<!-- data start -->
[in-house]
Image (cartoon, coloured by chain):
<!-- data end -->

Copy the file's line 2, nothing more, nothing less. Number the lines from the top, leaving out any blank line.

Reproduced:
Image (cartoon, coloured by chain):